Bishop Edward Gaines Catholic School - 03/07/2019

School Context

Bishop Edward Gaines Catholic School is a small, integrated primary school located in Tokoroa. The school caters for students in Years 1 to 8. It has a diverse ethnic roll of 42, including 15 Māori students and six students of Pacific heritage.

The school’s vision is to empower students to be confident, connected, actively involved, lifelong learners instilled with gospel values so that they are well prepared to believe, enrich, glorify and serve as 21st century citizens.

Bishop Edward Gaines Catholic School’s strategic goals for 2019 are to:

  • enhance the special character of the school
  • successfully implement principles of learner agency in order to accelerate and lift achievement in reading, writing and mathematics.

Leaders and teachers regularly report to the board, school-wide information about outcomes for students in the following areas:

  • reading, writing and mathematics.

Since the previous ERO report in 2016, there has been a leadership change with the appointment of a new principal who began at the school in term 4, 2018. The school has also re-developed its classroom block.

The school is a member of the Rotorua Catholic Faith-Based Community of Learning (CoL)|Kāhui Ako.

Evaluation Findings

1 Equity and excellence – achievement of valued outcomes for students

1.1 How well is the school achieving equitable and excellent outcomes for all its students?

The school is achieving excellent outcomes for some students but is not yet achieving equitable outcomes for all students.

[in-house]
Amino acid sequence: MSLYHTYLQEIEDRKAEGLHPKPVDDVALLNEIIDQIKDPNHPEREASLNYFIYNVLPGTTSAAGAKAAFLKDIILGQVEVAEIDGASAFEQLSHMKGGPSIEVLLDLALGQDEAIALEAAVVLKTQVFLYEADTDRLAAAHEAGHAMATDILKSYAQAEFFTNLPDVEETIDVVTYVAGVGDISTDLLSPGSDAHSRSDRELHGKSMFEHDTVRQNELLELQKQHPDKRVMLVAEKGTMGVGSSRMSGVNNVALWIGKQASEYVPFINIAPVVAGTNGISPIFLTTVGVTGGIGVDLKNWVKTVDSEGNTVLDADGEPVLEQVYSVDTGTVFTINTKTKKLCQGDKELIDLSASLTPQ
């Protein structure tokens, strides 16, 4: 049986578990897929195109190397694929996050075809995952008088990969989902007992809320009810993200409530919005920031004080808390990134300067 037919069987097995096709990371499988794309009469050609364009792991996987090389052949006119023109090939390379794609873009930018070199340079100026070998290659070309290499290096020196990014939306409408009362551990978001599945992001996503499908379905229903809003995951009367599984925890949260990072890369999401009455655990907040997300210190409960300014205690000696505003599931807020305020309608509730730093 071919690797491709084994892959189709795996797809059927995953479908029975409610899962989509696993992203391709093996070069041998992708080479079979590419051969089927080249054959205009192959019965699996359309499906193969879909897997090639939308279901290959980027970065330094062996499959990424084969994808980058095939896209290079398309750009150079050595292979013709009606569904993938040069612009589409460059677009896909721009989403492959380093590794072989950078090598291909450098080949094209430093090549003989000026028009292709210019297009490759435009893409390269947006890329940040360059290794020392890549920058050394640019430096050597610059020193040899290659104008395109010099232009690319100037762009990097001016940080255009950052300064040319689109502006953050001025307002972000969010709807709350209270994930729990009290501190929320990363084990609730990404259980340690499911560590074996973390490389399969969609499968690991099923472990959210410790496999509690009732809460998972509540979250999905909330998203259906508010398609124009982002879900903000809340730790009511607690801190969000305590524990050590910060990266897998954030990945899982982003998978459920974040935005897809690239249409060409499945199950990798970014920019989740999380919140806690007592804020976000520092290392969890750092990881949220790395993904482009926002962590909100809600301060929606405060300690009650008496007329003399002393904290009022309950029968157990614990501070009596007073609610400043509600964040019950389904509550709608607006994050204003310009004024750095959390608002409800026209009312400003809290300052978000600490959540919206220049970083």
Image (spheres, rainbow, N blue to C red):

The school’s achievement data for 2018 shows that the majority of students achieved expected national curriculum levels in reading and writing, and most students achieved expected national curriculum levels in mathematics.

There is a pattern of significant disparity for Māori and Pacific students who achieve at lower levels than their Pākehā peers. Achievement data for reading in 2018 shows that approximately one quarter of Māori and less than half of Pacific students achieved at expected curriculum levels. In writing, less than half of Māori and Pacific students achieved at expected curriculum levels. In mathematics, less than half of Pacific students achieved at expected curriculum levels.

The achievement level of boys and girls is comparable in mathematics. However, significant disparity of achievement in reading and writing remains for boys who achieve less well than girls.

1.2 How well is the school accelerating learning for those Māori and other students who need this?

The school is beginning to respond to the urgent need to accelerate the learning of Māori and other students who need this.

The school is able to show that some students are making accelerated progress in 2019. However, achievement data has only recently begun to be analysed to identify the progress of individual students and longitudinal analysis is not yet available.